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Kei Nishikori off to winning start at French Open

Kyodo, AP

Kei Nishikori advanced to the second round of the French Open for the fourth straight year on Sunday, beating France’s Maxime Janvier in straight sets.

The 19th-seeded Nishikori defeated the French wild-card 7-6 (7-0), 6-4, 6-3. Japan’s world No. 21 struggled with the serves and shots of his 304th-ranked opponent, but claimed the first set after scoring seven consecutive points in the tiebreak.

The big news of the day came on the women’s side, where both defending champion Jelena Ostapenko and seven-time Grand Slam champion Venus Williams were both eliminated in the first round.

Nishikori found his rhythm in the second set, when he broke the first game with three return aces. He saved 10 break points throughout the match, which lasted 2 hours and 19 minutes.

“My opponent was really good. The quality of his performance was beyond his world ranking,” Nishikori said. “Winning the match in three sets means a lot to me. I didn’t allow a single break point and I concentrated well during important moments of the match.”

The 28-year-old Japanese was playing in his first Grand Slam event since competing at Wimbledon last July. He missed two tournaments after being sidelined with a season-ending injury sustained in August.

“My biggest motivation is just being here,” Nishikori said. “I was nervous at first. But I told myself I need to enjoy playing here during the third set, and it made me feel better.”

The former world No. 4 came back to competition in late January and is making his way up the ladder again, having won three of his four matches against players ranked fifth or higher.

“When I returned to competition, I wasn’t confident in my performance even when I played against players ranked 100 or so,” he said. “But I have a stronger desire to win compared to before.”

Among other Japanese, Yoshihito Nishioka made a first-round exit after losing 6-7 (4-7), 6-4, 6-3, 6-7 (3-7), 7-5 to Spain’s Fernando Verdasco in a marathon match lasting 4 hours and 23 minutes.

All seeded men in action won, including No. 2 Alexander Zverev and No. 4 Grigor Dimitrov, who eliminated Mohamed Safwat, the seventh “lucky loser” to make it into the draw and the first man from Egypt to play in a Grand Slam tournament in 22 years.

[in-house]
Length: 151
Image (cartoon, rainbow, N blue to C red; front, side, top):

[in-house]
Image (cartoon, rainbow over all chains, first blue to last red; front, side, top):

For the women, there is already is certain to be at least one first-time French Open finalist, because 2010 champion Francesca Schiavone and 2012 runner-up Sara Errani joined Ostapenko and Williams on the way out of the bottom half of the draw.

Errani lost to 32nd-seeded Alize Cornet of France 2-6, 6-2, 6-3, while Schiavone was beaten by Viktoria Kuzmova 7-6 (7-2), 7-6 (7-2). Also out of that half of the draw is No. 22 Johanna Konta of Britain, a 6-4, 6-3 loser against Yulia Putintseva.

Ostapenko’s high-risk game produced far fewer rewards than problems, as she racked up 48 unforced errors against only 22 winners in bowing out to 67th-ranked Kateryna Kozlova of Ukraine 7-5, 6-3 at Court Philippe Chatrier.

Ostapenko is only the second reigning women’s champion to exit in the first round of the French Open a year later — it also happened to 2005 winner Anastasia Myskina — and only the sixth at any major tournament in the professional era.

“Terrible day at the office today for me. I mean, in general, I played maybe, like, 20 percent of what I can play. Made like 50 unforced errors and so many double-faults. Like, couldn’t serve today,” Ostapenko said. “I had this unbelievable pressure. I felt that I’m not myself.”

Over at Court Suzanne Lenglen, things went similarly for Williams, who had 21 more unforced errors than her opponent in a 6-4, 7-5 loss to 85th-ranked Wang Qiang of China.

Williams’ loss follows an equally abrupt exit for the 37-year-old American at the Australian Open in January.

The ninth-seeded Williams offered mostly terse answers in her news conference.

“I mean,” she said, “nobody plans on this.”

As for whether there were things she thought she could have tried to do differently Sunday, she replied: “Yeah, I think ‘differently’ is win the point.”

Williams built a 3-0 lead in the second set, then frittered that away. Over and over, she would shank a shot — backhands, more than anything. Her often-terrific serve was not on target either, with only 56 percent of first serves landing in and four double-faults.

Over the course of 100 minutes on a muggy afternoon, Williams offered up 12 break points, four of which Wang converted. Williams made 16 of the match’s first 25 unforced groundstroke errors. She finished with 35 unforced errors in all, 21 more than Wang.

“I just wanted to play no mistakes — not too many mistakes — and if I get a chance (at a winner), I just go for it,” said Wang, who entered the day with only six victories in 20 previous Grand Slam matches.